Power Market Limited wanted K1 billion monthly from tariffs
The Electricity Supply Corporation of Malawi (Escom) has revealed that Power Market Limited (PML) has been getting K2.80 per kilowatt hour (kWh), or K80 million weekly, from power tariffs, translating to about K320 million per month.
Escom said PML now wants to be getting K8.80 per kWh, translating to K1 billion per month.
Escom Chief Executive Officer (CEO) Kamkwamba Kumwenda said on Saturday that this is contained in the proposed 99 percent tariff adjustment, in which PML wants to be getting K250 million every week.
He disclosed this in Mponela, Dowa District, on Saturday on the sidelines of Escom Staff Union 5th Quadrennial Congress.
Kumwenda and Minister of Energy Ibrahim Matola have since expressed hope that the elimination of PML would ease pressure on the end user tariff.
“This is not a secret. What happens is that the end user tariff includes tariffs to run the licencees. On a weekly basis, we transfer money electronically to these licencees, one of them being the single buyer.
“As we speak now, before the tariff review, we transfer about K80 million on weekly basis to PML… In the tariff adjustment we have applied for, they [PML] wanted to be getting K8.80 [kWh], meaning that we were supposed to be giving them K250 million in a week from the K80 million,” he said.
But due to the removal of PML, the proposed tariff hike would most likely be reviewed and reduced.
He argued that under the 2016 amended Electricity Act, a Single Buyer licencee is under the corporation but that, during the existence of PML, Escom has been subjected to higher tariffs that were agreed without Escom involvement.
“Yet it is us, Escom, who are going to collect that money. So, if agreed, high tariffs affect us, as Escom,” he said.
Asked about progress of the transition, he said the government has set up a transition committee that the Escom CEO is part of.
On his part, Matola said even though there has been pressure because of the decision to dissolve PML, the government would not bow down to pressure because the decision is for the goodof electricity users.
“We are just trying to reverse the decision that was made in 2018. I would like to urge employees of PML to work [with us] during the transition period,” Matola.
Matola said the existence of the company has been resulting in higher electricity tariffs because the money collected was being shared among Escom, PML, Electricity Generation Company and Malawi Energy Regulatory Authority (Mera).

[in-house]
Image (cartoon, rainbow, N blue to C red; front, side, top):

PML officials referred us to Mera.
When asked for a comment on Escom’s claim that PML wanted K1 billion a month, Mera spokesperson Fitina Khonje asked for ample time.
In December last year, the government dissolved and transferred the Single Buyer licence to Escom.
In a letter that Times Business saw, signed by Secretary to the Treasury Macdonald Mafuta Mwale and dated December 22 2022, the government says there is a need to manage the transition in an orderly manner.
The letter, which is addressed to the Secretary for Energy, Solicitor General and Comptroller of Statutory Corporations, indicated that the three had been appointed into the transitional committee to manage the dissolution of PML and manage the transitional process.
According to the letter, chairperson for the committee is the director of administration in the Ministry of Energy.
“The committee will formulate its terms of reference. Please be advised that the appointment is with effect from December 12 2022,” the letter reads.
Commenting on the development, Attorney General Thabo Chakaka Nyirenda recently said owners of companies are free to dissolve companies, provided that solvency requirements are met. He said a company can be voluntarily wound up only if it is solvent.
“My office gave legal advice on whether it was legally possible to transfer the single buyer licence from Escom to PML. My answer was affirmative.
“And if the owners of the companies decide to dissolve the company, there is nothing wrong with it,” Chakaka Nyirenda said.
Times Business has learnt that about 15 employees of PML will lose their jobs through this transition.
PML is a public company that was incorporated on June 25 2018 under the Companies Act (Cap. 46:03 of the Laws of Malawi).
The establishment of PML was premised on government’s pursuit for an independent and creditworthy entity that instills confidence in investors.
The power market structure in Malawi was vertically integrated, with Escom as a sole utility monopolising generation, transmission and distribution, and performing all system operations.
In another development, during the Escom Staff Union elections that took place n Mponela on Saturday, Charity Harawa and Alex Chatsira were elected president and vice president, respectively.
Mathews Kasanda is a journalist who holds a Bachelor of Arts in Journalism from University of Malawi (The Polytechnic).
In 2015, Media Institute of Southern Africa awarded him the Best Print Media Education Journalist of the Year accolade.
He joined Times Group Newsroom in September 2019.